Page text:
Let’s hope THIS doesn’t happen to raising money on Broadway.

Some good things have happened in the world of raising money recently.  The JOBS Act was passed, general solicitation was approved, and even the regulation I used to raise money for Godspell was overhauled (which may make it ripe for another Broadway show to use it without spending nearly half the time and money I did).

But I’ve been hearing whispers about another change that I’m hoping gets drowned out by good producing soon enough.

This one isn’t regulatory, mind you, but it has the potential to change the way Broadway Producers and Investors do business for sure.

I guess I should start by explaining one of the primary differences between producing a Broadway show and producing an independent movie.  When you call an Agent to ask about an Actor for a Broadway show, the first question you usually get is, “Who’s the Director?”  The second question is usually, “And when do you want to do this?”

When you call an Agent to ask about an Actor for an independent film, the first question you usually get is, “Do you have all your money?”

And there isn’t usually a second question until you can answer the first in the affirmative.

Why is Hollywood more concerned about Producers having money in the bank?  Well, since a celebrity’s time is so valuable (or so they think), they don’t want their time wasted on something that isn’t going to happen (some insist on a “pay-or-play” contract to make sure the celeb gets paid if the movie doesn’t happen).  There are also more hucksters claiming they are Producers in Tinseltown since it’s such a town of talkers.  And frankly, since you don’t have to have a theater like we do in order to open the show, Producers can just lead people on to death.

But because of the recently canceled-in-rehearsals production of Nerds, not to mention the residue of Rebecca that is still lingering in the minds of so many Broadway Investors I talk to, I’m starting to hear more and more Theater Owners, Vendors, Agents, etc. ask potential Producers, “Do you have all the money?”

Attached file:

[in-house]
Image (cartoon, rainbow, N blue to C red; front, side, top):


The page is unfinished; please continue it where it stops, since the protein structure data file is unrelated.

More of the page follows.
Could Theater Owners and Agents start saying, “Show me the money!” before booking a theater or signing a contract?

Because of the way Broadway does business (theaters becoming available last minute, and shows, like Nerds, having to scramble to pull it all together), I don’t think that having the money in the bank before a show is confirmed is realistic for us.  And provided Producers have a solid reputation and a track record for raising money, I don’t see us going to this extreme.  As Jordan Roth even attests in this interview, it’s not uncommon for shows, even good ones, to be raising money during previews . . . and I can’t see that changing.

But with theater availability what it is, and with both Theater Owners and stars able to be pickier than ever before, I do expect Producers to get grilled a bit more about their “plans for financing.”  And for those that don’t have that track record or reputation, I wouldn’t be surprised if we saw our own version of “pay-or-play” contracts coming down the pike.

What that means for all of us is that if the 2000s were about Producers mastering marketing, then in the current decade it means we’re going to have to be even better at raising money.


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  • Bill Mc Quade says:

    My wife and I are retired. Prices are ridiculous and make Broadway unaffordable for us. Shows like Hamilton only make the situation worse by making all other shows raises prices to basically keep up with the joneses . The Hamilton hype is unreal, unhealthy & unexplainable, It is a show and not the second coming of Jesus Christ. Many see it just for bragging rights. We have not seen it and have no intention of going into our IRA to buy tickets. Somehow we will survive not seeing it. Eventually the bubble will burst when prices become more ridiculous than they are now. We used to attend regularly. Now we do it with discounted tickets or not at all.

  • Carvanpool says:

    So you’d resist having to have all the money in place before getting a theater? Hmm.

    What about all the lemmings you’d have on the hook from the JOBS Act ? If a small investor were to wise up and pull out, no big deal, right? But if a big fish doesn’t come through (if he ever even existed), everything goes down the toilet, JOBS Act contributors and all the other people attached to the production as well.

    No, to not require full financing is just adding sleaze to slime. The producers need to put on their big boy pants (with their recently enacted tax giveaway), and simply do their job as a producer and stop with the alligator tears and excuses.

    Maybe even a new law that makes this type of fraud (which is exactly what it is) a crime punishable by fines and jail time. That would make the Rebeccas and the Nerds just a memory.

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